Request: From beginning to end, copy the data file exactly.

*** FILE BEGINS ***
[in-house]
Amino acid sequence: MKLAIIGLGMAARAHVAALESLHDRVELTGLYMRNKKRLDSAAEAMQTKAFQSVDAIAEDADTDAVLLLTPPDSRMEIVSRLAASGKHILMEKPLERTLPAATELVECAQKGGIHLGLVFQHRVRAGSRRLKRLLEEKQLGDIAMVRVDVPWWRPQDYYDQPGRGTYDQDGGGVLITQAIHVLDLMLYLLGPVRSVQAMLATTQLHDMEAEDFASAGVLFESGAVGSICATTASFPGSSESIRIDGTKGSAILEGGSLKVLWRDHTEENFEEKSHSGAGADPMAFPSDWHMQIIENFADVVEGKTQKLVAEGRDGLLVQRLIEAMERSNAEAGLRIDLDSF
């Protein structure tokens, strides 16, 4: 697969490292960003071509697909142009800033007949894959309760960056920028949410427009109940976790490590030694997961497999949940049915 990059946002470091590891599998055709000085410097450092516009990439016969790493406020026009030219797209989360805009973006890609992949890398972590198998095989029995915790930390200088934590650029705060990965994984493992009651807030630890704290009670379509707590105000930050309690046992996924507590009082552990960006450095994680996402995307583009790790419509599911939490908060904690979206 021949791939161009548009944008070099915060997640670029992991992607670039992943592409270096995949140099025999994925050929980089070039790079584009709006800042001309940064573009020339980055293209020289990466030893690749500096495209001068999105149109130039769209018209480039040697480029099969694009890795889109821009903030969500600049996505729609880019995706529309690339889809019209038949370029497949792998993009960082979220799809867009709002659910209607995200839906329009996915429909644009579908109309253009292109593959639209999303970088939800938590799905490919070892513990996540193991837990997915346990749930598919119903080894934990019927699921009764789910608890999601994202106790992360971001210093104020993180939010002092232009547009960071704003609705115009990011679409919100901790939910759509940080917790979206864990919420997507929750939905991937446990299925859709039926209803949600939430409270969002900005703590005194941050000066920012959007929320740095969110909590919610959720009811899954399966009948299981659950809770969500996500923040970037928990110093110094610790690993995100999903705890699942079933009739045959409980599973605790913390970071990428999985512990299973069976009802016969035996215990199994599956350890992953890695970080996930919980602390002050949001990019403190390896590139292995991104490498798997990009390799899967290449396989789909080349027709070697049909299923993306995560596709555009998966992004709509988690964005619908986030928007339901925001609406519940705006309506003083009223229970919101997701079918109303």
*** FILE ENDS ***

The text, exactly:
[in-house]
Amino acid sequence: MKLAIIGLGMAARAHVAALESLHDRVELTGLYMRNKKRLDSAAEAMQTKAFQSVDAIAEDADTDAVLLLTPPDSRMEIVSRLAASGKHILMEKPLERTLPAATELVECAQKGGIHLGLVFQHRVRAGSRRLKRLLEEKQLGDIAMVRVDVPWWRPQDYYDQPGRGTYDQDGGGVLITQAIHVLDLMLYLLGPVRSVQAMLATTQLHDMEAEDFASAGVLFESGAVGSICATTASFPGSSESIRIDGTKGSAILEGGSLKVLWRDHTEENFEEKSHSGAGADPMAFPSDWHMQIIENFADVVEGKTQKLVAEGRDGLLVQRLIEAMERSNAEAGLRIDLDSF
């Protein structure tokens, strides 16, 4: 697969490292960003071509697909142009800033007949894959309760960056920028949410427009109940976790490590030694997961497999949940049915 990059946002470091590891599998055709000085410097450092516009990439016969790493406020026009030219797209989360805009973006890609992949890398972590198998095989029995915790930390200088934590650029705060990965994984493992009651807030630890704290009670379509707590105000930050309690046992996924507590009082552990960006450095994680996402995307583009790790419509599911939490908060904690979206 021949791939161009548009944008070099915060997640670029992991992607670039992943592409270096995949140099025999994925050929980089070039790079584009709006800042001309940064573009020339980055293209020289990466030893690749500096495209001068999105149109130039769209018209480039040697480029099969694009890795889109821009903030969500600049996505729609880019995706529309690339889809019209038949370029497949792998993009960082979220799809867009709002659910209607995200839906329009996915429909644009579908109309253009292109593959639209999303970088939800938590799905490919070892513990996540193991837990997915346990749930598919119903080894934990019927699921009764789910608890999601994202106790992360971001210093104020993180939010002092232009547009960071704003609705115009990011679409919100901790939910759509940080917790979206864990919420997507929750939905991937446990299925859709039926209803949600939430409270969002900005703590005194941050000066920012959007929320740095969110909590919610959720009811899954399966009948299981659950809770969500996500923040970037928990110093110094610790690993995100999903705890699942079933009739045959409980599973605790913390970071990428999985512990299973069976009802016969035996215990199994599956350890992953890695970080996930919980602390002050949001990019403190390896590139292995991104490498798997990009390799899967290449396989789909080349027709070697049909299923993306995560596709555009998966992004709509988690964005619908986030928007339901925001609406519940705006309506003083009223229970919101997701079918109303």